(RNS) — An official in the Buddhist group Shambhala International told police in May that a young woman was “exploring her own sexuality” when she was sexually assaulted more than a decade ago at age 13 by another man in the group and that her “exploration” fed the man’s addiction to pornography, according to a police incident report.
The official, Dennis L. Southward, 70, also told police that the woman “could do a lot of damage” to an important member of the community if she pressed charges against her alleged abuser, 54-year-old Michael Smith.
“Southward also pointed out that this incident occurred several years ago and that Smith is a business owner who is still involved in the Shambhala community within Colorado,” the police report says.
Southward went on to say that police needed to tell Smith’s accuser about the counseling he received after allegedly assaulting her.
The comments come as Shambhala International faces a wave of criticism after the advocacy group Buddhist Project Sunshine published a series of four reports detailing allegations of sexual assault by its leader, Sakyong Mipham, and other senior members.
Mipham and Shambhala International have denied parts of those reports.
Southward held a senior rank in the Dorje Kasung, a group within Shambhala International that acts as an internal security force. He has also taught courses at several local Shambhala centers.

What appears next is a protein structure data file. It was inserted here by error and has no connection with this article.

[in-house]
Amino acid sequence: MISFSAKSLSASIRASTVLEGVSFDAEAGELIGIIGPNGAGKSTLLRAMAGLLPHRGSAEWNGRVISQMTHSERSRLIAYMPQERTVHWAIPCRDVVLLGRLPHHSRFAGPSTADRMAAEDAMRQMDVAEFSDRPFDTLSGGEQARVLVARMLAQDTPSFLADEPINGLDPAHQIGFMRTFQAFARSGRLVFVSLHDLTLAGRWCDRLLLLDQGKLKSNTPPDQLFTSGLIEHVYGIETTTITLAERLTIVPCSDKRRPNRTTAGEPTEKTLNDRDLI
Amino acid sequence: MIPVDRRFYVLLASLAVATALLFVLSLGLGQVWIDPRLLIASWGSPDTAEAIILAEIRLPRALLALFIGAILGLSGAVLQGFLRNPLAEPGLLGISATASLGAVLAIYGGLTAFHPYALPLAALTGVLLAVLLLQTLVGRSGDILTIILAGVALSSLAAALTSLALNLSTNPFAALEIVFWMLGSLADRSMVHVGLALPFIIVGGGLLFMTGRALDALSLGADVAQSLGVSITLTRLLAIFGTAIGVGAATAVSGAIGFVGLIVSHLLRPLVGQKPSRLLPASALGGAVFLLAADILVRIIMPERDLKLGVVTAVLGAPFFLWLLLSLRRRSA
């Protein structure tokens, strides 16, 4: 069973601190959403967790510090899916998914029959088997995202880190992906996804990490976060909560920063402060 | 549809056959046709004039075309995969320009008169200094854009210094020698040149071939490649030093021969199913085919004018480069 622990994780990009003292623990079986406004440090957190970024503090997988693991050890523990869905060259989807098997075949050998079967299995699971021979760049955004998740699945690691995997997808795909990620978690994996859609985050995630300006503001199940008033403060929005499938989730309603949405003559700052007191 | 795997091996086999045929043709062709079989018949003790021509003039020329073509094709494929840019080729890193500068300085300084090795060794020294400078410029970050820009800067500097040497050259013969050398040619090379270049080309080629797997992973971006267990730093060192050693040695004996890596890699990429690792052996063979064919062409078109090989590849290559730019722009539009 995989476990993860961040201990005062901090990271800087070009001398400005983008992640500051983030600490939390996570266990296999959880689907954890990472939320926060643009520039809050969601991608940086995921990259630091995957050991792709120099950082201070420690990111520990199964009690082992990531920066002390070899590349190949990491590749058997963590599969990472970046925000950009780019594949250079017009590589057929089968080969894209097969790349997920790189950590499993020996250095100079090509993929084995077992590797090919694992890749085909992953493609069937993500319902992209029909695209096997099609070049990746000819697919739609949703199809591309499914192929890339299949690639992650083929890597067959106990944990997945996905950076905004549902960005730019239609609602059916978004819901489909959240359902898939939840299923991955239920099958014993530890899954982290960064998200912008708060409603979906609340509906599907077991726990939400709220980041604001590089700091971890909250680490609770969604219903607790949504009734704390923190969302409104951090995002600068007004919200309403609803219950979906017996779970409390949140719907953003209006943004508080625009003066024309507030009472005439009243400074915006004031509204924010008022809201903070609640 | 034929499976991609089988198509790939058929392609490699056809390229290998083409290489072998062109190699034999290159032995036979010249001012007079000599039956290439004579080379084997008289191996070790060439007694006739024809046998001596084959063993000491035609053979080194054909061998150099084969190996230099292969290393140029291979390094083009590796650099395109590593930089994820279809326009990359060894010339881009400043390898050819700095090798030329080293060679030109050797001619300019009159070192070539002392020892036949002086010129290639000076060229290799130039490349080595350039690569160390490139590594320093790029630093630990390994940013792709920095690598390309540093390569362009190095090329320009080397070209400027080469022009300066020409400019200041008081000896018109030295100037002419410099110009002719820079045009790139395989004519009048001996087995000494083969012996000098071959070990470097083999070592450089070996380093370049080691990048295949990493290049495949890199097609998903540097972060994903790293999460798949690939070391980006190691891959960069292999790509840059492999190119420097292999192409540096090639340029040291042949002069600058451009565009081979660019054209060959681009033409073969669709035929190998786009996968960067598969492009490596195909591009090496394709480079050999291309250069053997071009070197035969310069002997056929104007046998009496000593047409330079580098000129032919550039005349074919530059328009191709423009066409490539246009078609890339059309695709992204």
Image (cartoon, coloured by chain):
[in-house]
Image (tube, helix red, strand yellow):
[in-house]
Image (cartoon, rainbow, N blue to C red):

Reached by phone Sunday afternoon, Southward declined to comment on his statements to police. He did not respond to detailed follow-up questions sent by text message and email.
Shambhala International’s interim board suspended Southward from his leadership roles Sunday (June 30) “pending further investigation.”
“The views expressed by Mr. Southward in the incident case report do not reflect the opinion of the Shambhala organization nor its leaders,” the board said in a statement. “We remain committed to creating safe environments for families and children and stand firmly against child abuse.”
“Shambhala leadership has and will continue to cooperate and assist authorities in investigating reports of sexual assault of any kind, and encourage anyone with information about such incidents to report it to local authorities,” the statement continued.
After being contacted for this story, Shambala International’s interim board decided to launch a formal inquiry into the case by hiring a third-party investigator.
Southward made the remarks while police were interviewing him as part of their investigation into Smith after the woman came forward in February to report the abuse to police.
Smith turned himself in to the Boulder County Sheriff’s Office early Friday (June 28) after Boulder city police issued a warrant for his arrest on one charge of sexual assault on a child by one in a position of trust as a pattern of sexual abuse.
Smith posted bond Friday night and was released from custody. He is expected back in court on Tuesday (July 2) for filing of charges.